The month of October is Domestic Violence Awareness Month (DVAM), an issue that affects women, children, and even men.
History of Domestic Violence Awareness Month
In 1989, Congress designated the month of October as Domestic Violence Awareness Month and this evolved from the “Day of Unity,” which was conceived by the National Coalition Against Domestic Violence and held in October of 1981.
“The intent was to connect advocates across the nation who were working to end violence against women and their children. The Day of Unity soon became an entire week devoted to a range of activities conducted at the local, state, and national level,” which had the common themes of mourning those who died because of domestic violence, celebrating those who survived, and connecting those working to end violence (National Resource Center on Domestic Violence).
Review these important safety tips regarding your use of technology: Safety Tips
There are free cell phone donation programs, shelters, and even housing assistance programs available to victims of domestic violence and sexual assault. Contact your local domestic violence program, rape crisis center, or domestic violence hotline for more information about resources that are available in your area.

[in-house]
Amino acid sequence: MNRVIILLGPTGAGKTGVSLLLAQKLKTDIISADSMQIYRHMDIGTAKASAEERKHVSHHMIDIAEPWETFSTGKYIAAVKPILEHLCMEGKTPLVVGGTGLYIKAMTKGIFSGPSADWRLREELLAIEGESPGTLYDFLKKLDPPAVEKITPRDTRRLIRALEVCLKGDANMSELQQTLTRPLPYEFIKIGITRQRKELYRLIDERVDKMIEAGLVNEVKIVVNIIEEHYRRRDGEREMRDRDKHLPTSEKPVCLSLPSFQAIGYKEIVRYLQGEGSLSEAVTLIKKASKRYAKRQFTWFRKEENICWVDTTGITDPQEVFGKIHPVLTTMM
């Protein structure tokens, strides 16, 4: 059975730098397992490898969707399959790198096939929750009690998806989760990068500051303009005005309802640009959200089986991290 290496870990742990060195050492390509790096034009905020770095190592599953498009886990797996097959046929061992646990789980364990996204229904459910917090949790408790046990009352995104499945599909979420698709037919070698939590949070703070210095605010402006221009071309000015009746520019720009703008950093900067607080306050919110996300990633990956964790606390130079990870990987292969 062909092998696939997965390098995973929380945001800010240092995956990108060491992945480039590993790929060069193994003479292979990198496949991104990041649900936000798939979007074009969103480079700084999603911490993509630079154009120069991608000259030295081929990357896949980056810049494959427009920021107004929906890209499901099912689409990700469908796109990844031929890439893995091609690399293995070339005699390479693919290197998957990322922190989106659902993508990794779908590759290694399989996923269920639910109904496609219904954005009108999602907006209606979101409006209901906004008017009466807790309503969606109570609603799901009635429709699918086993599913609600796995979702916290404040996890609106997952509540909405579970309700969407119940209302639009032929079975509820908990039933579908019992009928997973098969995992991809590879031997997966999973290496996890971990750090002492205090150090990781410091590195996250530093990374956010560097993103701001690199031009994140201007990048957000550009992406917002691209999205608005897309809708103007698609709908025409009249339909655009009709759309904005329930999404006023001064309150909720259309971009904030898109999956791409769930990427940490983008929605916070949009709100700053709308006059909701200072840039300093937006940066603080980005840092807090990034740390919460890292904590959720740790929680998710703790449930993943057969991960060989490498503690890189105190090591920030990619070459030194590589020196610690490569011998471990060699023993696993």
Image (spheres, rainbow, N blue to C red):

If you have been sexually assaulted, call the U.S. National Sexual Assault Hotline at 1-800-656-4673 (HOPE) and you will automatically be connected to a local U.S. rape crisis program based on the area code of your phone number. You can also contact them using a secure, online private chat.
If you or someone you know is a victim of domestic violence, please contact the National Domestic Violence Hotline today for help at 1-800-799-7233 (SAFE) or TTY 1-800-787-3224.
If you are in danger, please call 911.